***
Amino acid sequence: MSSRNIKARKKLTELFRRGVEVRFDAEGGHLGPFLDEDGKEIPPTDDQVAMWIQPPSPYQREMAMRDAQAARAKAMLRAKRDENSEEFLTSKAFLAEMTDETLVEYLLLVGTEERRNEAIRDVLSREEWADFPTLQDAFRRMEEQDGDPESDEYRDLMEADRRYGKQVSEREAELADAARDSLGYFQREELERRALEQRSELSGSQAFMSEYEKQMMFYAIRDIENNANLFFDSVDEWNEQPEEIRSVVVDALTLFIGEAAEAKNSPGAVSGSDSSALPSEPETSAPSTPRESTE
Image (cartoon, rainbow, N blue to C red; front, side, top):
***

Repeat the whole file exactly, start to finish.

Amino acid sequence: MSSRNIKARKKLTELFRRGVEVRFDAEGGHLGPFLDEDGKEIPPTDDQVAMWIQPPSPYQREMAMRDAQAARAKAMLRAKRDENSEEFLTSKAFLAEMTDETLVEYLLLVGTEERRNEAIRDVLSREEWADFPTLQDAFRRMEEQDGDPESDEYRDLMEADRRYGKQVSEREAELADAARDSLGYFQREELERRALEQRSELSGSQAFMSEYEKQMMFYAIRDIENNANLFFDSVDEWNEQPEEIRSVVVDALTLFIGEAAEAKNSPGAVSGSDSSALPSEPETSAPSTPRESTE
Image (cartoon, rainbow, N blue to C red; front, side, top):